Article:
Focus: GS I: Geography
Why in News?
Researchers have been closely monitoring the ongoing changes in the energy state of the solar eruption’s core that occurred on July 20, 2017, and have made an intriguing discovery.
Findings of the Study:
Core Temperature Stability:
- The study found that despite the eruption expelling highly magnetized plasma from the solar corona into space, the core of the Coronal Mass Ejections (CMEs) maintained a consistently stable temperature.
- The CME core remained at a constant temperature as it propagated from 1.05 to 1.35 R sun, defying the expected adiabatic cooling due to expansion.
Behavior of CME Core Expansion:
- The expansion of the CME core exhibited characteristics more akin to an isothermal process than an adiabatic process.
- In an isothermal process, the temperature of the system remains constant, while an adiabatic process involves no heat transfer between the system and its surroundings.
Explanation of “1.05 to 1.35 Rsun”:
- The expression “1.05 to 1.35 Rsun” denotes a range of values representing the size or radius of the Sun.
- The object being described has a radius ranging from 1.05 times the radius of the Sun (Rsun) to 1.35 times the radius of the Sun.
Coronal Mass Ejections (CMEs):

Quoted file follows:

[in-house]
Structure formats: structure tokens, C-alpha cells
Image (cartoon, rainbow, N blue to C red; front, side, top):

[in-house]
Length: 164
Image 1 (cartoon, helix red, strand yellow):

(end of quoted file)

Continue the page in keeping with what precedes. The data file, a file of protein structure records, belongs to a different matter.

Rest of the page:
Definition and Impact:
- CMEs are large-scale eruptions of charged particles (plasma) and magnetic fields from the solar atmosphere into space.
- These eruptions can disrupt various ground- and space-based technologies, as well as satellites on Earth.
Thermodynamic Properties of CMEs:
- Understanding the evolution of thermodynamic properties, such as temperature and density, within CMEs is crucial for assessing their impact on communication systems on Earth.
- CMEs exhibit a wide range of plasma temperatures, spanning from cold chromospheric material (around 104 K) to hot plasma (around 107 K).
Energy Exchange Processes in CMEs:
- As CMEs propagate, different processes can exchange energy (electrical, kinetic, potential, thermal, etc.), leading to heating or cooling of the plasma.
- Gaining a better understanding of CMEs enables improved monitoring of space weather and its potential effects.